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    Three identical cells, each of internal resistance R, are connected in series with an external resistor of resistance R. The current in the external resistor is I. If one of the cells is reversed I'm the circuit, what is the new current in the external resistor? (In terms of I and R)
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    Can someone please help me with this question? I have no idea how to deal with reversed cells, I know the total resistance is going to be 4R and the current is constant throughout the entire circuit, but that's as far as I've gotten.
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    (Original post by Retsek)
    Three identical cells, each of internal resistance R, are connected in series with an external resistor of resistance R. The current in the external resistor is I. If one of the cells is reversed I'm the circuit, what is the new current in the external resistor? (In terms of I and R)
    _____________
    Can someone please help me with this question? I have no idea how to deal with reversed cells, I know the total resistance is going to be 4R and the current is constant throughout the entire circuit, but that's as far as I've gotten.
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    The cells are in opposition, so the p.d. across XY is zero.
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    Does anyone have the method to figure this out? I'm stuck on it as well
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    sum of p.d. in a closed loop must equal to the sum of emf. in this case the sum of emf is 0 ∴there is no p.d. in the circuit. However, the internal resistance still adds up, because they're in series, ∴if there's another cell/battery in the circuit this must be considered.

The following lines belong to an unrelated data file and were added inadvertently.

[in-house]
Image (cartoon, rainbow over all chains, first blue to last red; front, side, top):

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    (Original post by chemlegend27)
    Does anyone have the method to figure this out? I'm stuck on it as well

    When the cells are connected in series, the combined e.m.f across the battery is equal to the absolute value of the algebraic sum of the voltage change across each of the individual cells.

    You can think of emfs of the cells as vector when they are connected in series and then sum the vector arrows to get the emf of the cells connected in series. For example,

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    So the emf of the cells connected in series is 1.5 V. Note that we ignore the minus sign.
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    When the cells are connected in series, the combined e.m.f across the battery is equal to the absolute value of the algebraic sum of the voltage change across each of the individual cells.

    You can think of emfs of the cells as vector when they are connected in series and then sum the vector arrows to get the emf of the cells connected in series. For example,



    So the emf of the cells connected in series is 1.5 V. Note that we ignore the minus sign.
 
 
 
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